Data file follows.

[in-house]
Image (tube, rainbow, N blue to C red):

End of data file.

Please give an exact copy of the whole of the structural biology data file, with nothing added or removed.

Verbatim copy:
[in-house]
Image (tube, rainbow, N blue to C red):